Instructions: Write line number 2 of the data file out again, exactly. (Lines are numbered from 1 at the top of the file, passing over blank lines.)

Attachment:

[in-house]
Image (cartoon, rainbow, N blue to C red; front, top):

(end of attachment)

Image (cartoon, rainbow, N blue to C red; front, top):